By Divyanshi Singh Choudhary ~ Symbiosis Law School, Hydrabad


Facts of the Case

The case at hand is a civil petition brought before the Supreme Court of India by schools and colleges. In that case, the respondent commenced proceedings according to the Right to Information Act, 2005; while the appellant argued that they did not fall under the meaning of ‘public authority’ in accordance with section 2(h). The appeal is filed for the determination of significantly funded non-governmental organizations by a reasonable government within the framework of public authority.

In the instant case, D.A.V. College, Sector 10, Chandigarh, M.C.M.D.A.V. College, Sector 36, Chandigarh, and D.A.V. Senior Secondary School, Sector 8, Chandigarh are various colleges. These establishments have been set up by society and are evidently seeking financial help from the Union Territory, Chandigarh, to the amount of 95 percent. It was asserted that 95 percent of the grant-in-aid was previously lowered to 45 percent. The appellant complained that the Director of Public Instructions, U.T. Chandigarh, had initiated proceedings under the Act against the appellant, whereas they are not covered by the term ‘public authority’ as used in Section 2(h)(d) of the Act. Correspondingly, the other trust-managed organizations too were tasked with making numerous different institutions public. Documentation on the annual fee structure of the divergent classes / educational programs/diplomas/scholarship programs/add-on courses offered and also asked for more information on advertising/notices issued by D. A. V. College, Sector 10, and Chandigarh for the 2007-08 sessions concerning college admissions. However, the appellants have taken the position that their institution is not covered by the Act, as it is not a ‘public authority.’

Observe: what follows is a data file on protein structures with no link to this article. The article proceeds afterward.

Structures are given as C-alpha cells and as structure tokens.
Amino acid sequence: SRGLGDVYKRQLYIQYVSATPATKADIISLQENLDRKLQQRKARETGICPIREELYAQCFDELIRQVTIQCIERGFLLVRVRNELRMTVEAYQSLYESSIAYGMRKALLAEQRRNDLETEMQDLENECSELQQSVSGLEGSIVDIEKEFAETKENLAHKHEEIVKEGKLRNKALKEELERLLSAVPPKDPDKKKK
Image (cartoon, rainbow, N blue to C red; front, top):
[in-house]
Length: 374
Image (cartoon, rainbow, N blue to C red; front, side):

Issues of the Instant Case

The paramount issue claimed here was whether, under Section 2(h) of the RTI Act, NGOs substantially funded by the government fall within the scope of ‘public authority.’ In contrast, the Supreme Court had to determine whether the appellants were massively supported by the state in this case.

Arguments of the Parties

The appellants opined that, as per the beginning section of the clause, public authorities could be deemed solely to be the authorities, bodies, or institutions particularly worried about self-governance. The purpose of the act, thereupon, was to cover only the government and its tools, not NGOs such as universities and schools.

Furthermore, it was alleged that if any person or organization falling beyond the jurisdiction of clauses (a) to (c) (those established under the Constitution or the Parliament or the Government of the State) were to be brought within the framework of public authority, it would have to be explicitly informed of the status mentioned in clause (d). Besides, the government did not significantly fund the schools and/or colleges, as provided by Section 2(h) of the Legislation.

On the other hand, it is advocated on behalf of the respondents that the reading of Section 2(h) expressly illustrates that there is, in addition to the four categories alluded to in the first part, an inclusive portion comprising I the entity owned, regulated or significantly funded; (ii) the non-governmental organization substantially financed, directly or indirectly, by funds given by the responsible Government.